Random Musing

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Mr Raccoon

More coalition backpeddling on supposed cuts.

Following quickly on from Booktrusts reprieve from the chop (another £13 million to find to plug that little hole), we now have more backpeddling from the Quango execution list :

Ministers have withdrawn 18 bodies from the bill they say will lead to a “bonfire of the quangos”.

Bodies that select judges, draw up sentencing guidelines and investigate miscarriages of justice in England and Wales are among those that have been taken off a list of those that could be abolished, scrapped or merged.

The Parole Board, the Criminal Cases Review Commission and the Surveillance Commissioners have also been withdrawn.

This followed criticism by judges.

Ministers announced plans in October to axe 192 public bodies and merge a further 118.

But the government has now amended the Public Bodies Bill, which is currently being considered by the House of Lords, after peers expressed fears that the proposed cull could put the independence of the judiciary at risk.

Reading that section, there does seem to be some sense in the reprieve as it has been a long time since our Parliament respected the judiciary but when you get to the actual list of those saved from the chop, some rather strange ones stand out (emphasis mine):

  • Agricultural Land Tribunals
  • Civil Procedure Rule Committee
  • Surveillance Commissioners
  • Competition Appeal Tribunal
  • Criminal Cases Review Commission
  • Criminal Procedure Rule Committee
  • Family Procedure Rule Committee
  • Horserace Betting Levy Appeal Tribunal for England and Wales
  • Insolvency Practitioners Tribunal
  • Investigatory Powers Tribunal
  • Judicial Appointments and Conduct Ombudsman
  • Judicial Appointments Commission
  • Parole Board
  • Plant Varieties and Seeds Tribunal
  • Sea Fish Licence Tribunal
  • Sentencing Council for England and Wales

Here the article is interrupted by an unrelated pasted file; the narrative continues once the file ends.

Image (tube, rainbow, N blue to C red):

• Tribunal Procedure Committee
  • Valuation Tribunal for England

Would those happen to have Lords sitting on them by any chance who don’t want to lose their income?

The Plant Varieties and Seeds Tribunal sounds terribly important to judicial independence to me (yes, sarcasm intended) and is possibly as vital to the continuation of civil society in UK as The Potato Council for example.

There is not even a lot of information to go on either with the best I can find being the following little snippet :

Hears appeals against decisions of the Controller of Plant Variety Rights on Plant Breeders Rights matters; against decisions of the Agriculture Ministers on National List and Seeds matters; and against the decisions of the Forestry Commissioners on matters concerning forest reproduction materials.

And, if that is not mysterious enough then the following bit (same source) makes me wonder why the hell it has even got a reprieve from the chop :

Cases received:
Total disposals in the year:
disputes resolved:
otherwise disposed of:
Pending at the end of the year:
Last sat 1984.
system administration £1,000 (approximately)

So, something that hasn’t heard any cases in the last 27 years and costs £1000 per year to maintain has been reprieved.

How the fuck are this lot going to make a dent in the thick end of £1 trillion in debt when they cannot even save £1000 on something that is effectively fossilised?

Ah yes, thats it – tax us all to buggery and back!

Why do I get the feeling that they have no idea what they are doing?

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